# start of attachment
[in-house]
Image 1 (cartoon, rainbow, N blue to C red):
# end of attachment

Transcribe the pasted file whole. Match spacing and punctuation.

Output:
[in-house]
Image 1 (cartoon, rainbow, N blue to C red):